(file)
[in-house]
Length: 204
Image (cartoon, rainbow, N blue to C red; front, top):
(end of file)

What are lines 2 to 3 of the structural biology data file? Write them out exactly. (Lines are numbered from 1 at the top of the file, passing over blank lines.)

Length: 204
Image (cartoon, rainbow, N blue to C red; front, top):